Swine health topics target disease mitigation

By Lexie Reed

Editor’s note: Lexie Reed is a food animal veterinarian based in Lethbridge, Alberta. She can be contacted at lexiereedvm@gmail.com.

Swine health is an important and popular topic every year at the Banff Pork Seminar, and 2023 was no different. This year, breakout sessions included information about Streptococcus suis (Strep suis) and Escherichia coli (E. coli) in the nursery, along with a veterinary practitioner’s perspective on circovirus in the present and future.

Brooke Smith of Cargill Animal Health and Nutrition, and Ryan Tenbergen of Demeter Veterinary Services, led these respective sessions, focusing on what should matter to producers.

Strep suis and E. coli in the nursery

Nutritional strategies can help manage disease, but not by themselves, according to Brooke Smith of Cargill Animal Health and Nutrition.

Smith led session attendees through novel health management tools for the purpose of improved nutrition – an area of innovation that combines her Doctor of Veterinary Medicine with her PhD in swine nutrition.

“Increased virulence of common pathogens and increased resistance to antimicrobials creates an opportunity for additional health management strategies. If we know the mechanism by which a pathogen causes disease, that can give us a clue as to what nutritional intervention is best able to target the pathogen,” said Smith. “When it comes to nutritional interventions, I have two approaches I can take: directly interfering with the pathogen’s ability to colonize the pig, or improving the immune system’s response to the presence of the pathogen.” 

These approaches can be deployed on common nursery pathogens like Strep suis and E. coli. Strep suis infection in nursery pigs is often a function of combined factors: primarily, concurrent viral disease, ventilation and temperature; genetic predisposition; high stocking density; and dietary changes.

“All commercial pigs are a carrier of at least one serotype of Strep suis,” said Smith. “When we move pigs into a nursery, some pigs have never seen the serotype that the other litters have. We combine all of those external stressors to a naïve population that is faced with a serotype they have never seen before, and it creates an opportunity for clinical disease to occur. Tonsilar epithelium is the predominant site of colonization in Strep suis serotypes found in North America.”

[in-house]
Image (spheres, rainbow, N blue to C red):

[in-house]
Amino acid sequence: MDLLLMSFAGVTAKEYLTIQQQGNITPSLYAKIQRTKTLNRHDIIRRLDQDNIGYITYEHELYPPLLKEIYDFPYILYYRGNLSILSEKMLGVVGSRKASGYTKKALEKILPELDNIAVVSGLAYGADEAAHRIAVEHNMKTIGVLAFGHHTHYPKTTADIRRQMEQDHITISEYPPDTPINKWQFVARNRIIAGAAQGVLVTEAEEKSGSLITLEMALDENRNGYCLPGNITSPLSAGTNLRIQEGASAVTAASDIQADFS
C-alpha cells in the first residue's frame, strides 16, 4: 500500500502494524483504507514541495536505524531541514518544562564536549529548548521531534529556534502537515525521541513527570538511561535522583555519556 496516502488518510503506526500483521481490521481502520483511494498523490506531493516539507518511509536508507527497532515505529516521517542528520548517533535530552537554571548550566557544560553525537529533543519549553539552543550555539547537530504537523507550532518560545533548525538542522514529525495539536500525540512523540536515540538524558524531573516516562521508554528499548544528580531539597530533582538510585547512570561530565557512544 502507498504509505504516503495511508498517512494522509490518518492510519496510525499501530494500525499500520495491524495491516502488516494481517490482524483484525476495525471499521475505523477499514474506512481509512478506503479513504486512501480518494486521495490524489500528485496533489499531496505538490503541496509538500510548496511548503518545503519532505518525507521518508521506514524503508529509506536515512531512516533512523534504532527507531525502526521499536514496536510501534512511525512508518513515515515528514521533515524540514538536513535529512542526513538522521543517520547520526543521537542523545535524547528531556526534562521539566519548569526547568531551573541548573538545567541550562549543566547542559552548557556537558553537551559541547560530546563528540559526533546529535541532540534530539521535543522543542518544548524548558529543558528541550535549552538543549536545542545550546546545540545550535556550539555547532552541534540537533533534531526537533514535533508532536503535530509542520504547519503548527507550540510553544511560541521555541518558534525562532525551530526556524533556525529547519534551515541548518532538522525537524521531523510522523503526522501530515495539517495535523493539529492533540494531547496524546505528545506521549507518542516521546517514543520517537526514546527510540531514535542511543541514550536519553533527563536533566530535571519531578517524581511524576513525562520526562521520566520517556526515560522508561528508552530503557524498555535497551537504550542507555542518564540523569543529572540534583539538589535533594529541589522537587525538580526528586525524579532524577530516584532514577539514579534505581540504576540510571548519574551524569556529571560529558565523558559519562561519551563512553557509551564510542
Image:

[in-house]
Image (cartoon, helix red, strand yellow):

Nutritional strategies to limit colonization include using amino acids to manipulate pig growth rate and to increase nutritional support towards the immune system. Smith and her team at Cargill are exploring how reducing amino acid concentrations in the diet early in the nursery phase could help, by diverting these amino acids away from rapid growth, which puts metabolic stress on the pigs, towards the immune response. And then there are functional proteins, like plasma, that directly contribute to improved immunity.

“Because that infection is not localized to the gastrointestinal tract, and Strep suis spreads systemically after it colonizes the tonsils, I need to start thinking about nutritional strategies that are absorbed, metabolized or circulated, rather than just having an effect at the site of the intestine,” said Smith. “Not only is plasma a highly digestible and palatable source of protein, it also contains compounds like immunoglobulins that bind pathogens in the gastrointestinal tract, which is work that the immune system would have to do otherwise.”

Phenolic compounds – the natural defense molecules in plants – have direct antimicrobial properties and can be added to the nursery diet.

Smith believes increasing dietary fibre could help prevent E. coli infections.

Another ubiquitous nursery pathogen that Smith and her team are working on addressing is E. coli. The site of colonization of E. coli in the pig is the small intestine, where it binds specific receptors on enterocytes – the cells lining the interior surface of the small intestine. The expression of these receptors can be up- or down-regulated by age, genetics and prior or concurrent gastrointestinal disease like Rotavirus and coccidia. The severity of E. coli infection is increased by cool and damp environments, poor sanitation, the transition to a plant-based diet, reduced feed intake and high stocking density.

“For us as nutritionists, this means that we have the potential to use ingredients that will have prolonged contact with E. coli in the gut. Or I can use the diet to create an unfavourable environment for E. coli to grow,” said Smith. “One strategy for a base diet is to increase dietary fibre. This increases the turnover of the cells lining the intestine and stimulates mucous production, which blocks E. coli from binding onto the receptor site of the cell.”

Mucilages are additives that act in the same way when they reach the small intestine. Another strategy is the use of essential oils, which can physically alter the cell membrane of bacteria and disrupt the communication between E. coli, making them less able to colonize the intestine.

While nutritional strategies can help, they alone cannot manage disease in nursery pigs.

“A number of nutritional strategies and ingredients are available, but understanding what type of pathogen is driving clinical signs, and how, is key,” said Smith. “External factors impacting exposure to, and dynamics, of disease need to be addressed. This includes managing husbandry, environment, genetics, concurrent disease and population dynamics.”

Circovirus: a practitioner’s perspective

Ryan Tenbergen of Demeter Veterinary Services wanted to draw increased attention to circovirus with his presentation.

Ryan Tenbergen led his session with an important takeaway message: “Do not forget about circovirus!”